The Healing Arts

BY Meghan Barnes

Painting can be therapeutic both for the artist and the viewer. Priscilla Long Whitlock understands that very well. Her work has been curated commissioned and featured in hospital campuses across the country including those attached to the New Hanover County Medical Center injecting a layer of joy peace and well-being into places of healing.

“The work that I do is happy; I have bright colors and it is connected to the earth because that is the subject matter ” Whitlock explains. “I don’t paint for hospitals; I paint for myself and for the patients who will view my work. I find it very personally moving.”

Whitlock’s work was first picked by a hospital in the Virginia mountains that was looking for a painting of blooming spring flowers she says. The Medical College of Virginia then contacted her seeking images of people on the beach. The curator of the hospital systems in Washington D.C. then took notice of her paintings and asked her to show her work at the National Institutes of Health (NIH) as part of a curate art show put together for patients.

Some of Whitlock’s work is solely featured in patient-only sections of the hospital. These are places that encourage growth and exploration while healing a process encouraged by the vibrantly colored oil paintings. Her work is also featured in various cancer centers and other places where they can provide comfort and solace to the individuals awaiting treatment.

The patients often find her work moving sometimes contacting her to tell her how she has influenced and inspired their journey to recovery.

Although Whitlock did not receive any classical training some would say art is in her blood. Growing up in the coastal North Carolina region surrounding Wrightsville Beach she often experienced dramatic sunsets vivid marsh landscapes and vibrant waters.

“I have been painting in Wrightsville Beach since the late 1970s and I used to paint there with my father. I have a lot of family in the area. I am drawn to the marshes the water the sky and the landscape. I have even painted in the rain ” Whitlock explains. “There is a huge sky in North Carolina and of course the water in Wrightsville Beach is always beautiful.”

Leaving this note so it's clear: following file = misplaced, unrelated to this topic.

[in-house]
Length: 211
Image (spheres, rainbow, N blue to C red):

Many of her paintings depict the same coastal landscapes but the lighting setting and mood all vary dramatically. That is why Whitlock always travels with a small painting kit and easel. And after being married to her husband for many years he understands when she asks him to pull over onto the side of the road so she can go explore the light and shading of an area. He is always willing to wait for her as she decides if she will paint that landscape or not.

“Recently I was driving to Wrightsville Beach with my husband and I saw these beautiful glowing yellow fields off in the distance ” Whitlock says. “So I said ‘Will you please go over there and find those fields?’ Once I found them I went back multiple times and painted them.”

Some of her fondest memories are of the times spent painting with her dad.

“It was wonderful growing up and painting with my father. He started painting when I was in college at East Carolina University ” Whitlock recalls. “We would go and paint boats at the marina we would go paint somewhere along the Cape Fear River or onto one of the small islands around Topsail or we would take his small boat and go find a small secluded island.”

Those experiences have carried her throughout her artistic career. Whitlock still ventures out onto the islands that surround Wrightsville Beach in her husband’s small boat looking for the perfect inspiration for her next piece. She can be found exploring the marsh looking at the way the light hits certain patches of sand or finding a sheltered nook away from the wind to paint it.

Even though she has a steady following of local national and international viewers Whitlock does not stop exploring the different ways she can make art or the different ways she can capture the unique elements of coastal North Carolina.

“My work has changed over the years ” she says. “It used to be more realistic and now it is more abstract but it is still based in realism. And I guess it will always be changing.”